The main disadvantages of the dry filter type paint spray booth are:
1. Low efficiency in collecting air-borne paint particles.
2. High cost in replacing filters. (usually daily).
3. Restrictions in disposing of paint-soaked filter pads.
4. Large quantity of exhaust air required.
5. High level of fire hazard.
6. Large volume of exhausted air-borne paint particles depositing on property surrounding paint operation.
Type No. 3: The third type of booth is generally referred to as a "roll-filter" spray booth. The roll filter booth is very limited (less than 1%) in use in this industry. The only roll-type filter booth available is referred to in U.S. Pat. Nos. 2,875,680; 2,841,073; 3,071,060; and 3,811,371. This roll-filter paint spray booth is designed using a 60" wide, 400 ft. long roll of non-woven cotton shoddy fabric which is positioned on top of the booth enclosure, drawn downward to form the front wall (single curtain) of an exhaust plenum. The exhaust plenum is equipped with an exhaust fan which is designed to draw the air-borne paint overspray into the `filter curtain` thus entrapping particles. As the filter curtain becomes saturated with paint articles the curtain indexes by use of a drive on the wind-up shaft, exposing fresh filter.
Under certain conditions this booth can be 100% efficient in collecting and trapping air-borne paint particles. However, design limitations and inconsistent quality of filter material normally allows a much lower efficiency factor in its ability to consistently trap air-borne paint particles.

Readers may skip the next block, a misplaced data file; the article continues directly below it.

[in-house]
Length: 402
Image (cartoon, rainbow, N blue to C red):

The major disadvantages of the roll-type filter paint spray booth are:
1. Limitations in width and height of booth sections.
2. Inconsistent quality of filter material (tears).
3. 10% to 20% filter waste.
4. Relative high labor cost to load and unload filter media.
Based on our investigations we concluded that there is a definite need by the finishing industry for a paint spray booth designed, not only to fulfill the industry needs but also to accommodate current and anticipated E.P.A., OSHA, and Insurance requirements.
The present invention is designed to utilize a roll of polypropylene fabric (micro-filter) in a spray booth designed to not only attract but trap 100% of air-borne paint particles (overspray) discharged from paint application devices.
It is therefore an object of the present invention to provide a new and improved method of trapping and collecting air-borne paint overspray.
Another object is to provide a paint spray booth which will require less exhaust air.
An additional object is to provide a coating spray booth which will require less maintenance than those presently available.
Yet another object is to provide a spray coating booth of relative unlimited size.
Still another object is to provide a movable filter material which is stronger and therefore subject to less tearing than those previously available.
A still further object is to provide new and improved apparatus for performing the aforestated process.